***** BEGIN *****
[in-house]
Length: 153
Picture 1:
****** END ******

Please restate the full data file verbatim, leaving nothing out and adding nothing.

[in-house]
Length: 153
Picture 1: